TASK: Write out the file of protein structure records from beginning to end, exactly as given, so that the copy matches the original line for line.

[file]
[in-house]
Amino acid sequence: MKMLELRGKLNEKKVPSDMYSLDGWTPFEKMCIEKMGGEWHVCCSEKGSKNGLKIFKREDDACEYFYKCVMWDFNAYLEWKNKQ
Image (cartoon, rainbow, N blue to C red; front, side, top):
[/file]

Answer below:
[in-house]
Amino acid sequence: MKMLELRGKLNEKKVPSDMYSLDGWTPFEKMCIEKMGGEWHVCCSEKGSKNGLKIFKREDDACEYFYKCVMWDFNAYLEWKNKQ
Image (cartoon, rainbow, N blue to C red; front, side, top):